It pays to learn

Tuesday, June 4, 2002

Mindy Ochs, 17, of Perryville, Mo., shopped for flip-flops at Gadzooks in the Westfield Shoppingtown West Park Monday. By Heather Kronmueller ~ Southeast Missourian

Teen-agers might not know how to save their money, but they sure know how to spend it, according to a survey by the Federal Reserve released in May.

The national survey suggests teen-agers are lacking in basic financial knowledge and says the 4,024 teens who took it not only flunked their latest test on the subject, but their scores were even worse than in the past.

In a 45-minute multiple choice examination given in December, January and February, high school seniors on average correctly answered only half of the 31 questions about personal finance and economics -- a grade that would be considered flunking on a typical high school grading scale.

Two years ago, 723 students took a similar test, and the average score was 52 percent. In 1997, the average score was 57 percent.

Federal Reserve Chairman Alan Greenspan says schools need to do a better job of teaching basic financial concepts, and a good foundation in math would help students become more financially literate.

Learning from parents

But local teen-agers say it doesn't matter what they learn in school, their parents are their greatest teachers when it comes to handling, or mishandling, money.

Mindy Ochs, 16, of Perryville, Mo., doesn't have a credit card yet, but she is learning lessons in credit from her mother, Sharon Ochs.

"Credit cards are easier to use than cash when you're traveling or when you don't want to carry around a lot of money," Sharon Ochs said. "But you have to pay it back."

Ochs said she is trying to teach her daughter that it's better to pay off credit card balances each month rather than carry a balance because the interest rates are high on credit cards.

"I think it would be fun to have one," said Mindy Ochs. "It would be easier to buy stuff, but right now it would be hard to keep up with it."

Mindy Ochs said until she turns 18 and can get a credit card, she'll keep doing things the way she is now -- by saving her money and paying with cash.

A lot of teen-agers already have credit cards.

Amie Richardet, 19, of Perryville has one major credit card and several department store charge cards. She said she's learned a lot from a friend about the trouble people can get into with credit card debt.

"One of my friends has seven credit cards, and they're all maxed out," she said. "It's scary. She has to work three or four jobs this summer to try and catch up, but she can't pay them off because she's still spending."

Richardet said she will never get into the kind of trouble her friend is in.

"I always pay the whole amount when the bill comes," she said. "I have the money, so why not?"

Not every teen-ager is lucky enough to have a friend or a parent to learn lessons about credit from, and that's why several high schools offer classes that teach financial responsibility, said Central High School teacher Karen Altenthal.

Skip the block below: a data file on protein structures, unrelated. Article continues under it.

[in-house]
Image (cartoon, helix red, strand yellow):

Altenthal teaches 11th- and 12th-grade consumer economics and 12th-grade independent living.

"We talk about money management," she said. "I make them do an activity with a credit card to see how much interest they are going to have to pay if they only pay the minimum balance for 35 years on a $1,500 bill. Most are surprised to learn they would pay about $10,000 in interest."

Altenthal also teaches about checking and savings accounts, but doesn't get too much into retirement funds or stocks and bonds.

"That's all too deep for high school students," she said. " I have a transparency that outlines all of that, but that's as much as we talk about it."

Jackson High School also offers classes in consumer science.

Alternate view

Ryan Sterling, who will be a senior at Central in the fall, said he doesn't need to learn about stocks and bonds and retirement at age 16 because it doesn't affect him right now.

"I ain't thought about Social Security 'cause I want to be a rapper," he said. "I'm gonna make so much money I won't need retirement."

Amanda Crocker, one of Sterling's classmates, said she's interested in learning about stocks and bonds. She said a lot of her friends will learn about those subjects in college, but since she's going to culinary school after high school she won't.

"My dad will teach me," she said. "He knows a lot about stocks and stuff."

In the Fed survey, 69 percent of the teen-agers said they would have no liability if their credit card was stolen and a thief ran up a $1,000 bill. (Liability is limited to $50 after the issuer is notified.) Only 8 percent knew they would be responsible for the $50. Two years ago, nearly 15 percent answered the question right.

Just under 19 percent said stocks likely would offer the highest growth over 18 years of saving for a child's education, down from 23 percent who answered correctly two years ago. Most of the students -- 78 percent --said a U.S. savings bond or a savings account would offer the highest growth.

Slightly more than a third knew that retirement income paid by a company is called a pension, but another third thought it was called Social Security. Two years ago, 46 percent answered correctly.

Lynn Reaser, chief economist at Banc of America Capital Management, said the drop in financial literacy scores since 1997 might be related to the slide in the once high-flying stock market.

She said all of the euphoria in the market may have induced young people to take some interest in understanding, but much of that interest probably subsided when the market went into a major downturn.

The Associated Press contributed to this report.

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